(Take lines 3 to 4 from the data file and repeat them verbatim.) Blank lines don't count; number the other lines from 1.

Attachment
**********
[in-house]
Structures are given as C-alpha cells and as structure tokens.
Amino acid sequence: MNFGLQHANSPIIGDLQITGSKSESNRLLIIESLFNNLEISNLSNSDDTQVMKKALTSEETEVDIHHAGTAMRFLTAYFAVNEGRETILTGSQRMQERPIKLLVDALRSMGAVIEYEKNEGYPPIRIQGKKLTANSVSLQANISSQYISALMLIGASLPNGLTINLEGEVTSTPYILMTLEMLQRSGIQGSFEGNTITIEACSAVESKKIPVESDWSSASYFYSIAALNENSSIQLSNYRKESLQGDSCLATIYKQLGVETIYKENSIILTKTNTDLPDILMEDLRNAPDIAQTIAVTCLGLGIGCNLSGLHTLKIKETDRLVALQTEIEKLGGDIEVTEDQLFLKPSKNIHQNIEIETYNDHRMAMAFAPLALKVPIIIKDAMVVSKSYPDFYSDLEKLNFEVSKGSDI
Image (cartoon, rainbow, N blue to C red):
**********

Amino acid sequence: MNFGLQHANSPIIGDLQITGSKSESNRLLIIESLFNNLEISNLSNSDDTQVMKKALTSEETEVDIHHAGTAMRFLTAYFAVNEGRETILTGSQRMQERPIKLLVDALRSMGAVIEYEKNEGYPPIRIQGKKLTANSVSLQANISSQYISALMLIGASLPNGLTINLEGEVTSTPYILMTLEMLQRSGIQGSFEGNTITIEACSAVESKKIPVESDWSSASYFYSIAALNENSSIQLSNYRKESLQGDSCLATIYKQLGVETIYKENSIILTKTNTDLPDILMEDLRNAPDIAQTIAVTCLGLGIGCNLSGLHTLKIKETDRLVALQTEIEKLGGDIEVTEDQLFLKPSKNIHQNIEIETYNDHRMAMAFAPLALKVPIIIKDAMVVSKSYPDFYSDLEKLNFEVSKGSDI
Image (cartoon, rainbow, N blue to C red):